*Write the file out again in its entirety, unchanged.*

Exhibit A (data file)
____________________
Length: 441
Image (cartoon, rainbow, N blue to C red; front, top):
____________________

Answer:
Length: 441
Image (cartoon, rainbow, N blue to C red; front, top):